Study: Vigorous exercise reduces risk of heart disease and cancer in women

It may be no surprise to you that vigorous exercise is good for your health, but now researchers are starting to find out just how effective high-intensity workouts can be for protecting your body from a number of conditions.

In a new study out of the University of Saskatchewan in Canada, researchers discovered that women who can exercise at a higher intensity during a heart stress test are less likely to die from heart disease, cancer, and other causes. Does this mean that, as a woman, you should take up a more vigorous exercise like running or kickboxing? Not exactly, but it’s a good option if you’re willing to adopt more intense workout routines.

As reported in Healthline, the researchers looked at two groups of women — those with good exercise capacity and those with poor exercise capacity. Women with good exercise capacity were able to exercise at an intensity of 10 metabolic equivalents (METs) or better during a stress echocardiogram. Just so you know, MET level is a measure of how much energy is burned during an activity. Anything over 6 METs is considered vigorous exercise. Running a 10-minute mile is about 10 METs. Mountain biking uphill is 14 METs.

What the researchers found was the women with poor exercise capacity were almost four times more likely to die from cardiovascular disease compared to women with good exercise capacity. Poor exercisers were also twice as likely to die from cancer and more than four times as likely to die from other causes, compared to women with a higher fitness level.

That said, the study didn’t look at what women did to reach that level of exercise, so while the study gives an idea of how fit the women were, it didn’t outline what physical activities led them to increase their capacity for vigorous exercises. Fortunately, there are other studies available that indicate what types of vigorous activities can boost your workout capacity.

One of the most well-known is high-intensity interval training (HIIT), the alternating intense-moderate exercise that older veterans did in studies at the Jacobs School at the University of Buffalo. HIIT is attractive for two reasons: the exercise sessions can be short and there’s a built-in low-intensity “recovery” period.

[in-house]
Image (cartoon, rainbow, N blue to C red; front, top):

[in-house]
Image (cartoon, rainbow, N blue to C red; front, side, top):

Some HIIT workouts, though, involve a lot of movement — think burpees and jumping jacks. This can be hard on the joints, especially if you are middle-aged or older, or have more weight. The good thing is there are other options available, such as hiking, yoga, or cycling. Want to know more about the benefits of vigorous exercise? Follow the link right here.

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Study: Vigorous exercise reduces risk of heart disease and cancer in women

It may be no surprise to you that vigorous exercise is good for your health, but now researchers are starting to find out just how effective high-intensity workouts can be for protecting your body from a number of conditions.

In a new study out of the University of Saskatchewan in Canada, researchers discovered that women who can exercise at a higher intensity during a heart stress test are less likely to die from heart disease, cancer, and other causes. Does this mean that, as a woman, you should take up a more vigorous exercise like running or kickboxing? Not exactly, but it’s a good option if you’re willing to adopt more intense workout routines.

As reported in Healthline, the researchers looked at two groups of women — those with good exercise capacity and those with poor exercise capacity. Women with good exercise capacity were able to exercise at an intensity of 10 metabolic equivalents (METs) or better during a stress echocardiogram. Just so you know, MET level is a measure of how much energy is burned during an activity. Anything over 6 METs is considered vigorous exercise. Running a 10-minute mile is about 10 METs. Mountain biking uphill is 14 METs.

What the researchers found was the women with poor exercise capacity were almost four times more likely to die from cardiovascular disease compared to women with good exercise capacity. Poor exercisers were also twice as likely to die from cancer and more than four times as likely to die from other causes, compared to women with a higher fitness level.

That said, the study didn’t look at what women did to reach that level of exercise, so while the study gives an idea of how fit the women were, it didn’t outline what physical activities led them to increase their capacity for vigorous exercises. Fortunately, there are other studies available that indicate what types of vigorous activities can boost your workout capacity.

One of the most well-known is high-intensity interval training (HIIT), the alternating intense-moderate exercise that older veterans did in studies at the Jacobs School at the University of Buffalo. HIIT is attractive for two reasons: the exercise sessions can be short and there’s a built-in low-intensity “recovery” period.

Some HIIT workouts, though, involve a lot of movement — think burpees and jumping jacks. This can be hard on the joints, especially if you are middle-aged or older, or have more weight. The good thing is there are other options available, such as hiking, yoga, or cycling. Want to know more about the benefits of vigorous exercise? Follow the link right here.

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